A 65-year-old man presents to the chest pain clinic with a 2-month history of exertional chest pain. He has no past medical history of note. On examination his BP is 130/70 mmHg and his heart rate is 65 bpm in sinus rhythm with a 3/6 pansystolic murmur. He has a positive ETT with inferolateral ST segment depression at 5 minutes Bruce protocol. Coronary angiography reveals severe distal left main stem disease, severe mid-LAD disease, severe mid-circumflex disease, and severe distal RCA disease. An echocardiogram shows severe mitral regurgitation with moderate LV systolic dysfunction. CMR confirms viability in all territories.
What should you do next?
This patient has triple vessel disease with objective evidence of ischaemia. This is an indication for CABG. The ESC Guidelines recommend concomitant MVR if the patient has severe MR and LVEF >30% when planned for CABG.
You get a phone call from the heart failure nurse specialist regarding a patient followed up in clinic for titration of medication. He has dilated cardiomyopathy with an EF of 30%. His most recent BP is 110/60 mmHg with heart rate 60 bpm. He is currently on bisoprolol 7.5 mg od and ramipril 5 mg od. His renal function test results have been phoned through to the specialist nurse:
(Baseline before titration of ACE inhibitor: Na 138 mmol/L, K 4.8 mmol/L, urea 8 mmol/L, creatinine 180 µmol/L.)
What would be your advice?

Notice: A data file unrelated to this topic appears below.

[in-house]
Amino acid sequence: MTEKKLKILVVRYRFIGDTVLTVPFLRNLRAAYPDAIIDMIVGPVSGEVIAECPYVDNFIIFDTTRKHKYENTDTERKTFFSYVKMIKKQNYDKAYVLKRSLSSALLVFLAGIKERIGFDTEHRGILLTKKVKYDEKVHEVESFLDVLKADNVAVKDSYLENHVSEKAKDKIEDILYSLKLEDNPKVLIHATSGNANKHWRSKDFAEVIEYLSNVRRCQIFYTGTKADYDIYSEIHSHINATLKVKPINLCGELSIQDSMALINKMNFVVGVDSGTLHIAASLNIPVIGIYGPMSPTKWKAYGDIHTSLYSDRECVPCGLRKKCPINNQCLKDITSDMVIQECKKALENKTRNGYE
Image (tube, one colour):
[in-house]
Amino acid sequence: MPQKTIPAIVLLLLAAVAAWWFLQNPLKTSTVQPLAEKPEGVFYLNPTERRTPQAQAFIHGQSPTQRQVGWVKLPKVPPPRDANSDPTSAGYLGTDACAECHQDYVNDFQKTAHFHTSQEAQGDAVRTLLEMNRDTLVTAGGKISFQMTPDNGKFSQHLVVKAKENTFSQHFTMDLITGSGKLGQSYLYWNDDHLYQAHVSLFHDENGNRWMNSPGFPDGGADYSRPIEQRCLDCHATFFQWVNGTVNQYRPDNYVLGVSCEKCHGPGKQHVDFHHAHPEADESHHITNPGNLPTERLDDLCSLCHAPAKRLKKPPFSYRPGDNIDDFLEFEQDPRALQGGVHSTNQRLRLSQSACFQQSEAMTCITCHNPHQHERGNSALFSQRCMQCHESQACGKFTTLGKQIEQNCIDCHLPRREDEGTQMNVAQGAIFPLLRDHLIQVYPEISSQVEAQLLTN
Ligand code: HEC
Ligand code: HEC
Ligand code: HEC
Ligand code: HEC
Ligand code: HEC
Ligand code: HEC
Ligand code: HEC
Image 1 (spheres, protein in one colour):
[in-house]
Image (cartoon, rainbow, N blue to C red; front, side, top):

ESC Guidelines suggest that if creatinine is 265–310 µmol/L or K+ >5.5 mmol/L the dose of ACE inhibitor should be halved and blood chemistry should be monitored closely.
A 36-year-old woman with known idiopathic dilated cardiomyopathy (confirmed by TTE and angiography) is reviewed in the heart failure clinic. She is NYHA class III. Her current medication is bisoprolol 10 mg od, ramipril 7.5 mg od, spironolactone 25 mg od, digoxin 62.5 micrograms od, furosemide 40 mg bd. She has CRT-D in situ. Her heart rate is 70 bpm and her BP is 85/40 mmHg. She has mild peripheral oedema and a raised JVP.
What is your next step?
Transplant candidate if endstage heart disease with a life expectancy of 12–18 months, NYHA class III or IV heart failure, refractory to medical therapy including cardiac resynchronization therapy.
. A 57-year-old woman with known heart failure and EF 42% is reviewed in clinic. She is breathless on walking up one flight of stairs or half a mile on the flat. On examination, her BP is 130/90 mmHg and her heart rate is 75 bpm (SR, ECG QRS < 120 ms). Her chest is clear to auscultation. There are no signs of fluid overload.
Her current medication:
Her recent renal function tests are:
She has not previously tolerated an ACE inhibitor or spironolactone because of deteriorating renal function and hyperkalaemia.
What would you do next?
An ACE inhibitor should only be used in patients with adequate renal function (creatinine ≤221 mmol/L or ≤2.5 mg/dL or eGFR ≥30 mL/min/1.73 m2 ) and a normal serum potassium level. Candesartan and epleronone are also contraindicated in view of the renal function. Furosemide is not indicated because of fluid status. Ivabradine requires an EF <35%. H-ISDN is an alternative to ACE inhibitor/ARB when they are not tolerated, or can be considered in patients on maximal therapy and residual NYHA class II–IV symptoms and EF ≥35%.
A 30-year-old man had a cardiac transplant 5 years previously because of dilated cardiomyopathy. He initially did very well post-transplant. However, he has noticed that he is progressively short of breath on exertion. His TTE shows mid and apical anterior hypokinesia.
What is the most likely diagnosis?
The patient most likely has coronary vasculopathy. The incidence of this is 30–40% at 5 years. It progresses slowly, but as the heart is denervated a high clinical suspicion is required.
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